What we know of prenatal development makes all this attempt made by a
mother to mold the character of her unborn child by studying poetry, art, or
mathematics during pregnancy seem utterly impossible. How could such extremely
complex influences pass from the mother to the child? There is no connection
between their nervous systems. Even the blood vessels of mother and child do not
join directly. An emotional shock to the mother will affect her child, because
it changes the activity of her glands and so the chemistry her blood. Any
chemical change in the mother's blood will affect the child for better or worse.
But we can not see how a looking for mathematics or poetic genius can be
dissolved in blood and produce a similar liking or genius in the child.
In our discussion of instincts we saw that there was reason to believe that
whatever we inherit must be of some very simple sort rather than any complicated
or very definite kind of behavior. It is certain that no one inherits a
knowledge of mathematics. It may be, however, that children inherit more or less
of a rather general ability that we may call intelligence. If very intelligent
children become deeply interested in mathematics, they will probably make a
success of that study.
As for musical ability, it may be that what is inherited is an especially
sensitive ear, a peculiar structure of the hands or the vocal organs connections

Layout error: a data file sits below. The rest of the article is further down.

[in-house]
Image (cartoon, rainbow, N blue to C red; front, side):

between nerves and muscles that make it comparatively easy to learn the
movements a musician must execute, and particularly vigorous emotions. If these
factors are all organized around music, the child may become a musician. The
same factors, in other circumstance might be organized about some other center
of interest. The rich emotional equipment might find expression in poetry. The
capable fingers might develop skill in surgery. It is not the knowledge of music
that is inherited, then nor even the love of it, but a certain bodily structure
that makes it comparatively easy to acquire musical knowledge and skill. Whether
that ability shall be directed toward music or some other undertaking may be
decided entirely by forces in the environment in which a child grows up.
1. Which of the following statements is not true?
A. Some mothers try to influence their unborn children by studying art and
other subjects during their pregnancy.
B. It is utterly impossible for us to learn anything about prenatal
C. The blood vessels of mother and child do not join directly.
D. There are no connection between mother's nervous systems and her unborn
2. A mother will affect her unborn baby on the condition that ____.
A. she is emotionally shocked
B. she has a good knowledge of inheritance
C. she takes part in all kind of activities
D. she sticks to studying
3. According to the passage, a child may inherit____.
A. everything from his mother
B. a knowledge of mathematics
C. a rather general ability that we call intelligence
D. her mother's musical ability
4. If a child inherits something from his mother, such as an especially
sensitive ear, a peculiar structure of the hands or of the vocal organs, he will
A. surely become musician
B. mostly become a poet
C. possibly become a teacher
D. become a musician on the condition that all these factors are organized
5. Which of the following is the best title for the passage?
A. Role of Inheritance.
B. An Unborn Child.
C. Function of instincts.
D. Inherited Talents